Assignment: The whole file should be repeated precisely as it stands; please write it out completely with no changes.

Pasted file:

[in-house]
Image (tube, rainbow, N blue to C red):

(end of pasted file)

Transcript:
[in-house]
Image (tube, rainbow, N blue to C red):